ALT1 provides a novel finding on the involvement of chromatin remodeling ATPase in plant alkaline tolerance
Chromatin remodeling plays a central role in establishing specific gene expression patterns and maintaining transcriptional states in eukaryotes , and loss of function of the component proteins usually results in alteration in multiple plant developmental processes . Furthermore, emerging evidence shows that chromatin regulation also plays important functions in plant abiotic stress responses . Interestingly, most of the core subunit ATPase of chromatin remodeling complex, such as AtCHR12  and AtBRM  in Arabidopsis, function as negative regulators in abiotic stress tolerance. The rice genome contains 40 Snf2 family proteins . However, only one member of OsCHR4 was reported to function in early chloroplast development . Transcriptional profiling of the 40 genes found that some of the members respond to abiotic stresses such as draught, salt and cold . However, how about the response of these genes to alkaline stress remained to be investigated. The ALT1 protein identified here belongs to the Ris1 subgroup of Snf2 family . Similar to the various functions found for the Snf2 family ATPases , knockout alt1 plants displayed multiple morphological alterations, including reduced root length and plant height at early vegetative stage and low tiller number at adult stage (Figure 2C and Table S1). However, unlike the function of any other Snf2 family proteins reported so far , ALT1 functions negatively in stress tolerance to alkaline but not salt or drought (Figure 1 and Figure S2), consistent with the report that ALT1 was excluded from the Snf2 family genes that show transcriptional response to the stresses of salt and drought . Therefore, our results provided a novel finding on the involvement of chromatin remodeling complex in alkaline stress response. The modulation of the expression of several batches of genes (Table S2) suggests that ALT1 might be a key regulator that occupies a critical site in the gene transcriptional regulatory network by modulating chromatin structure. However, we still have much to learn about the molecular mechanisms of the chromatin remodeling complexes and their biochemical capabilities , and further studies need to be performed to reveal the molecular function of ALT1 in alkaline stress tolerance.
ALT1 provides a potential two-step strategy for improving the tolerance of rice to severe alkaline stress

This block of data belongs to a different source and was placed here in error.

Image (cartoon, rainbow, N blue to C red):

The underground part of roots is the first organ to perceive most of the abiotic stresses such as drought, salt or alkaline. Although the roots could also signal the stress to the aerial parts of the plants via various pathways , its basic function of water and nutrient absorption is indispensable for any other parts of the plant. However, almost all these stresses would inevitably induce excess accumulation of ROS within the plants when under severe stress conditions, and the over-accumulated ROS would react with cell structures, nucleic acids, lipids and proteins, which ultimately lead to tissue necrosis and plant death . Therefore, although the low Fe availability is considered to be the main reason for the reduced crop yield and quality on calcareous soils , , a survey of the related reports revealed that almost all of the researches were conducted under the mild alkaline condition of pH 8.5 –. This could be due to the fact that under alkaline stress higher than pH 9.0, cell death would occur rapidly in the roots of rice plants, as that observed for WT roots in our study (Figure 6). Therefore, it would be of little effect to change the insoluble Fe into an absorbable form for plants without functional roots under such alkaline conditions. On the other hand, although mutation in ALT1 could keep the roots of the plants functionally in nutrient uptake (Figure 5), the mutant could not survive the alkaline stress of pH 9.5 until adult stage (data not shown). This could be explained by that only a very limited absorbable free form of Fe2+ could be utilized under such conditions , , , which is far from sufficient for developmental, physiological and biochemical processes of the growing alt1 plants. From these points of view, the strategy for genetic improvement of rice plants tolerant to severe alkaline stress should combine both steps described above, i.e., the first step of utilizing mutated form of ALT1 to ensure normal root function by alleviating oxidative damage, and the second step of exploiting genes to increase the production and secretion of mugineic acid family phytosiderophores to chelate the large amount of oxidized form of Fe3+ . Verification of this hypothesis is now underway.
Materials and Methods
Plant materials and growth conditions
The rice mutant alt1 is in the KY131 background. Rice plants were cultivated in an experimental field at the Institute of Genetics and Developmental Biology (IGDB) in Beijing. An F2 mapping population was constructed by crossing alt1 (Japonica) with Kasalath (Indica). Rice plants used for the experiments were cultured in Kimura's culture solution B with the following composition: 0.18 mM (NH4)2SO4, 0.27 mM Mg(SO4)2, 0.091 mM KNO3, 0.091 mM KH2PO4, 0.046 mM K2SO4, 0.18 mM Ca(NO3)2, and 0.04 mM EDTA-Fe, and grown under natural conditions.